At exactly this moment, online education is poised (and threatening) to replicate the conditions, courses, structures, and hierarchical relations of brick-and-mortar industrial-era education. Cathy N. Davidson argued exactly this at her presentation, “Access Demands a Paradigm Shift,” at the 2013 Modern Language Association conference. The mistake being made, I think, is a simple and even understandable one, but damning and destructive nonetheless. Those of us responsible for education (both its formation and care) are hugging too tightly to what we’ve helped build, its pillars, policies, economies, and institutions. None of these, though, map promisingly into digital space. If we continue to tread our current path, we’ll be left with a Frankenstein’s monster of what we now know of education. This is the imminent destruction of our educational system of which so many speak: taking an institution inspired by the efficiency of post-industrial machines and redrawing it inside the machines of the digital age. Education rendered into a dull 2-dimensional carbon copy, scanned, faxed, encoded and then made human-readable, an utter lack of intellectual bravery.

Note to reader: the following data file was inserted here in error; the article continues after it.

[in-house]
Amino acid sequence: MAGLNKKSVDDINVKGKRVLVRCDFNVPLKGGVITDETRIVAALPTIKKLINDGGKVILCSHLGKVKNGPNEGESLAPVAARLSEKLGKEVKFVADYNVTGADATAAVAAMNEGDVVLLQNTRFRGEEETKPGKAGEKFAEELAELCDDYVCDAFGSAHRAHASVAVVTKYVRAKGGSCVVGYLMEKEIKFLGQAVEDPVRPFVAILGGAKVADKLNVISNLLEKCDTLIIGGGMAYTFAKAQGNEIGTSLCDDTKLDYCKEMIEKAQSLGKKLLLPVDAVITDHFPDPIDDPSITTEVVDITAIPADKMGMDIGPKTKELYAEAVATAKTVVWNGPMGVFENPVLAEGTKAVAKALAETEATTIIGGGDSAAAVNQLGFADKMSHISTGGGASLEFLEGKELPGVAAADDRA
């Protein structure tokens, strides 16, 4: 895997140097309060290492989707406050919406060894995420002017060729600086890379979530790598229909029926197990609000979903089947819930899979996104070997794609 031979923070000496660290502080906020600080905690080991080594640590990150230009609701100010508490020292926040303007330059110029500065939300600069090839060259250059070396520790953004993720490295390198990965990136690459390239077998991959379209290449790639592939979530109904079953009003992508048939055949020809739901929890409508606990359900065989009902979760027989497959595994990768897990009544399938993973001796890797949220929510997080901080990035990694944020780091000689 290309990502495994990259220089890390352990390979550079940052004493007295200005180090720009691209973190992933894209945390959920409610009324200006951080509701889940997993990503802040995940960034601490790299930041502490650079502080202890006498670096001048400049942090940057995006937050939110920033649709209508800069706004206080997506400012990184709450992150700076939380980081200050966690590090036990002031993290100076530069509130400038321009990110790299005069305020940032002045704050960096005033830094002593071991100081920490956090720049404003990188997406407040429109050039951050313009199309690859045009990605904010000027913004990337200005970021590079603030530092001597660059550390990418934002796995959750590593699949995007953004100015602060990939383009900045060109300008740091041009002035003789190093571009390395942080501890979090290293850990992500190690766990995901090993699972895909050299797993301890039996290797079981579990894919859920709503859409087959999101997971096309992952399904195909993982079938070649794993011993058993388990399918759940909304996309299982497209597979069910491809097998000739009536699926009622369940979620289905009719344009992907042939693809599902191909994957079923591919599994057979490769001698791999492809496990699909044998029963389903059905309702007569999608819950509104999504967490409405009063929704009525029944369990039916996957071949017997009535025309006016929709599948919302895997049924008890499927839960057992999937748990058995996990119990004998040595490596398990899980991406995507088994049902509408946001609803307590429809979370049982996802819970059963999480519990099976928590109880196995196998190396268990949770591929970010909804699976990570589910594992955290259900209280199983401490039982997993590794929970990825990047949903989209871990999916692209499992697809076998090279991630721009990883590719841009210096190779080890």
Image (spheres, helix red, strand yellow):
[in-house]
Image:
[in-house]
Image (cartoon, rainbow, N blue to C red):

The learning management system is a perfect example. Most of these systems recreate the bureaucracies of education without capturing the joy and rigor. At their worst, learning management systems turn students into columns in a spreadsheet, taking all that’s ineffable about learning and making it grossly manifest. Learning management systems aren’t all bad (some even revolutionize in important ways), but the idea is bad, the impulse is bad, at its core. They make homogenous what is fundamentally heterogeneous, standardizing what shouldn’t be standardized. Fetishizing the learning management system is to confuse educational administration with learning. Perhaps, the administration of education does need managing, but learning needs to be given a frame and then set loose. Very few online learning tools encourage the sorts of risk-taking that make for the best pedagogies. Quality should not be assured; it should be discovered.